Iron Tears: America's Battle for Freedom, Britain's Quagmire: 1775-1783
AbeBooks Seller Since November 23, 2001Quantity Available: 1
AbeBooks Seller Since November 23, 2001Quantity Available: 1
About this Item
Title: Iron Tears: America's Battle for Freedom, ...
Publisher: Free Press, U.S.A.
Publication Date: 2005
Binding: Hard Cover
Book Condition:Near Fine
Dust Jacket Condition: Very Good +
Signed: Signed by Author
Edition: 1st Edition
About this title
For generations, Americans have been taught to view the Revolutionary War as a heroic tale of resistance, exclusively from the perspective of the Continental army and the Founding Fathers. Now, in Iron Tears, master historian Stanley Weintraub offers the first account that examines the war from three divergent and distinct vantage points: the battlefields; the American leadership under George Washington; and -- most originally -- that of England, embroiled in controversy over the war. Colonial America was England's Vietnam.
Weintraub's multifaceted analysis will forever change and expand our view of the struggle. Although Washington's army, with France's help, won the war, it is equally significant -- both then and now -- that Britain lost it. The British found themselves overwhelmed by the geographic and time constraints that prevented their military from holding on to the eighteen-hundred-mile length of the thirteen colonies, from across three thousand miles of ocean during the cumbersome era of water travel. Many in London realized that American independence was only a matter of time. Yet the British were enveloped in a fantasy world of self-delusion as the war trudged along. The unyielding George III, who ultimately threatened abdication; his lethargic prime minister, Lord North; the First Lord of the Admiralty, the corrupt Earl of Sandwich, better remembered for his paired slices of bread; and the Secretary for America, Lord George Germain, an arrogant ex-general court-martialed for cowardice in an earlier war, formed a quartet that played out of tune. As opposition to and frustration with the failing war gradually increased in parliament, in the press, and in the afflicted mercantile sector, so did pacifist sentiment for and sympathy with their American cousins.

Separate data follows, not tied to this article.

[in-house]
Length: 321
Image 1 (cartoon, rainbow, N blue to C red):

Iron Tears renders an unprecedented account of the fight for American independence through British eyes, while dramatically narrating the battles that were waged across the Atlantic from Lexington to Yorktown and beyond. As the general, whom the British snobbishly and demeaningly referred to as "Mr. Washington," rallied to keep his ragged and overmatched Continentals together and create a nation, "iron tears" fell from redcoat muskets and cannons, as well as from the demoralized eyes of the defeated British.
Iron Tears examines the Revolutionary War primarily from the perspective of British politicians, soldiers, citizens, and the royal court of King George III. In this enjoyable and enlightening book, American historian Stanley Weintraub looks at myopic King George and his ambition to hold the colonies at any price, discusses how antiwar opposition in Parliament gradually gained momentum, and studies the sentiments of the general population who were forced to pay heavy taxes to support the conflict, causing resentment and, in 1780, a riot. Despite such rumblings all around him, the insulated king failed to realize how much the situation in far-off America affected domestic issues in England and was shocked enough when he lost America that he considered abdicating his throne. Most British citizens did not take it nearly as hard; many, in fact, welcomed the chance to get back to business with the Americans, feeling that commerce had been interrupted long enough by an expensive and unnecessary war.
Weintraub also covers the battles on the other side of the Atlantic and offers profiles of the major players, particularly George Washington, who became a folk hero in Britain, earning the admiration of even those ardently against the American cause. The consequences of Britain's hiring of thousands of foreign mercenaries, some of which ended up deserting and settling permanently in America, are also discussed, along with the issue of why loyalists in the colonies failed to join the redcoats in significant numbers. Most importantly, in detailing the strategic and tactical mistakes made by Britain, the author highlights the various circumstances that greatly favored the rebellious colonies from the beginning, including the sheer vastness of America and the maddening logistical difficulties involved in sending soldiers, provisions, and messages across the ocean. Weintraub makes a compelling case that the mighty British Empire never really had a chance. --Shawn Carkonen
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